I have shown my improvements as applied to a window of a. railway-car, but it is obvious that they may be used with any kind or style of a window, whether containing one or two sashes.
In Fig. 1, A is the glass, B the sash, and O the frame, of a window. The sash is arranged to move upwardly in opening and is shown with a web of fabric D, attached at one end to the upper rail of the sash and at its other end toaspring-roller E in a well-known manner. The spring carried by the roller E is arranged and has so fiicient tension to move the sash in the opening direct-ion whenever it is freed from the devices which hold it in the desired position.
I have shown a web and a spring-roller for opening the window, but it is obvious that cords and weights may be employed, if desired, with the same effect, and without departing from the substance of my invention.
Referring to Figs. 1, 2, and 3, it willbe seen that the usual stops on one side of the sash are dispensed with and in their stead stops of peculiar construction are employed, one of which is movable and can be moved to and from the sash to hold it in place and release it from such holding action. One of these stops F is preferably composed. of a, single piece of wood of the same character as that of the trimming of the car or other. structure and has its surface f preferably inclined or beveled, as shown in. Fig. 3, and is secured to the window-frame or the car, so as to be stationary. The other or movable stop G is preferably composed of two portions which are separately attached to the window frame or casing. One of these portions consists of the working parts of the stop and the other portion consists of a covering for the first portion, which covering is of the same kind of wood as the stop F and the rest of the trim of the car or other structure. The sash B is also preferably provided with inclined or beveled bearing-surfaces b b at its two opposite side edges, one of which, I), is to contact with the surface f of the stop F. The other inclined surface, I), of the sash B is to contact with a portion of movable stop G, arranged in suitable position for this purpose.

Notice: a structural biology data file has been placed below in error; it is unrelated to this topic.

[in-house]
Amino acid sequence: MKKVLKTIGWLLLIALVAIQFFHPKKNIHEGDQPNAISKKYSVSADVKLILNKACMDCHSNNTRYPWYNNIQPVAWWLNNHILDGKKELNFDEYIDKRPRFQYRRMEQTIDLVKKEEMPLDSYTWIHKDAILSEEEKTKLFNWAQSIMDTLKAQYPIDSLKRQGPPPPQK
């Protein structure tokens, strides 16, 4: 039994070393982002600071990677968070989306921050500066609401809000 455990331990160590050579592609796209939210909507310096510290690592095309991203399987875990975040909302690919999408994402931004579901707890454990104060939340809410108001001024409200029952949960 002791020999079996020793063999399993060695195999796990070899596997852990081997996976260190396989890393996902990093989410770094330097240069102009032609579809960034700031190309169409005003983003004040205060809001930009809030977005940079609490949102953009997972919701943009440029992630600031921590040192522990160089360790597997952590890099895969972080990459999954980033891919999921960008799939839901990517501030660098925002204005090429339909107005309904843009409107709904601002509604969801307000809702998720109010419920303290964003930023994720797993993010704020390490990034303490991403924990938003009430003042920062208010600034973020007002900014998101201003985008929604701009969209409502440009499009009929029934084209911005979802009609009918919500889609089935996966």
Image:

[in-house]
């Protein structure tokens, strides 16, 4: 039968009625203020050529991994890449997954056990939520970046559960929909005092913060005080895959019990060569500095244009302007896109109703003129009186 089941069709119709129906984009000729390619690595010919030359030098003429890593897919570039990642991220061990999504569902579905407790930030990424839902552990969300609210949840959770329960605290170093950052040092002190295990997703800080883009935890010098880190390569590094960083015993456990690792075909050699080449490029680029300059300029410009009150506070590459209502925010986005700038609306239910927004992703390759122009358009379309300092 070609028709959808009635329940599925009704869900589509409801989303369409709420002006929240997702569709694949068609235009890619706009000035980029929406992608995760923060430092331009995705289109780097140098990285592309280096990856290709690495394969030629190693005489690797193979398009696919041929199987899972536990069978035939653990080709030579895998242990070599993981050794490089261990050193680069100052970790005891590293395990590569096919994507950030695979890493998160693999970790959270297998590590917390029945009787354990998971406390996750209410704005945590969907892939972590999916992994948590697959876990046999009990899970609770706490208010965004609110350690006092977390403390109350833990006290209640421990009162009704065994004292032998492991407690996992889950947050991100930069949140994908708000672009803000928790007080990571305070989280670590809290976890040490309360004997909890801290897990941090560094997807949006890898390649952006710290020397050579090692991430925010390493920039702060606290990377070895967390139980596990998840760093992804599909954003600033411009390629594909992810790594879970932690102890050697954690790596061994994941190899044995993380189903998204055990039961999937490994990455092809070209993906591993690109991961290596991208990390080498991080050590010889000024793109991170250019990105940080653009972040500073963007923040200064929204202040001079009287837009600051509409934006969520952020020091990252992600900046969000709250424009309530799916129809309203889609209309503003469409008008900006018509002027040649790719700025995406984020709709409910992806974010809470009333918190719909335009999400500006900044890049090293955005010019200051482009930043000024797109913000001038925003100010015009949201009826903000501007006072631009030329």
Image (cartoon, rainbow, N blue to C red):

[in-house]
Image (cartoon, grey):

I, as shown in Fig. 2, one of which, II, is fixed to a stationary part of the window-fraine or car, and the other, I, is secured to a stop or bar J, preferably of wood, the two bars H and I being preferably connected together by pivoted links h and i, so that the bars I and J are movable relatively to the bar H and sash B. The bar J is preferablyprovided with an inclined or beveled bearing-surface j, and preferably is arranged to move in the direction toward the sash shown in Fig. 3, to contact with the bearing-surface b of sash B.
A spring K is preferably attached to the bar H, so as to bear upon the bar I and force the bar J against the sash. Only one such spring is shown, but it is obvious that more than one may be used and also that other forms of spring or springs may be employed, if desired, in place of the single one.
The links h and i are preferably arranged so that their pivotal points on the bar I are beyond or in advance of the corresponding points on the bar II when viewed from the direction in which the sash moves when closing. By reason of this arrangement of the parts the movement of the sash in a direction to open the same causes the movable portions I and J of the movable stop G to move with the sash and also to move toward it, thus causing such movable portions of the movable stop G to bear with an increasing pressure against the bearing-surface b of the sash, thereby causing the sash to be moved both edgewise and toward the stops L L 011 the opposite side of the sash and also preventing the sash from moving but slightly in an opening direction before the wedging action of the movable stop arrest-s movement in such direetion, thus locking the sash against opening untilreleasedfrom the control of the movable stop. The stops F G L L form a series, one of which is movable, by means of which the sash B is held in substantially two directions against moving, that is, edgewise and away from the movable stop, by the pressure of such movable stop upon the sash.
The link i is preferably provided with an extension i, which in turn is provided at its i turn on the pivot which secures them to v the stationary part of the window or car. The
end of this slot 9 farthest from the sash B is preferably made of a larger size than the rest of such slot, so as to readily admit of the knob passing through it when the exterior portion g of the movable stop is to be placed in position after the other portions of such stop are adjusted and secured in place, as shown in Fig. 3.
The working parts of movable stop G are preferably composed of two bars of metal H The operation in opening and closing the sash is as follows: To open the sash, the knob is moved against the stress of the spring K. which moves the bar J of the movable stop downwardly and outwardly, which in turn releases the sash B from the pressure of the movable stop, when the tension of the spring in the roller E causes the web D to be wound upon the roller and the sash is lifted to open it to the desired extent, whereupon the knob i is released, the bar J reversing its movement under the stress of the spring K, and the sash is held in such desired position. To close the sash, apply force and move it in a downward direction, which will cause the bar J to move downward and outwardly and thus permit it to move freely in the closing direction, the knob '5 being operated or not, as desired.